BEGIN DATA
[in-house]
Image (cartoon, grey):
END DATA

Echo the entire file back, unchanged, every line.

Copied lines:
[in-house]
Image (cartoon, grey):